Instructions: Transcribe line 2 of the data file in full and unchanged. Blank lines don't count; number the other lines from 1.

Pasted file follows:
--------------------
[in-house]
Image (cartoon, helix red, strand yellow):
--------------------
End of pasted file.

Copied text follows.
Image (cartoon, helix red, strand yellow):